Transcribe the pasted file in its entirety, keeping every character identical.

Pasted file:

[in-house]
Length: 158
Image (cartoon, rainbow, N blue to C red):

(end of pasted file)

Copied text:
[in-house]
Length: 158
Image (cartoon, rainbow, N blue to C red):